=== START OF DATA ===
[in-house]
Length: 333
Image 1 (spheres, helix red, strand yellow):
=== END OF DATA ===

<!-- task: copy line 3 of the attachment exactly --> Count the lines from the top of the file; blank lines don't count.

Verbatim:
Image 1 (spheres, helix red, strand yellow):